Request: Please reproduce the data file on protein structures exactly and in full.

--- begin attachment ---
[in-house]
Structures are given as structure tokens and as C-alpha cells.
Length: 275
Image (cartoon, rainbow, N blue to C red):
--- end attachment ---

[in-house]
Structures are given as structure tokens and as C-alpha cells.
Length: 275
Image (cartoon, rainbow, N blue to C red):